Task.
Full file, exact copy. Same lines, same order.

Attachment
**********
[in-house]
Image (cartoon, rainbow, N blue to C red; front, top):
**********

[in-house]
Image (cartoon, rainbow, N blue to C red; front, top):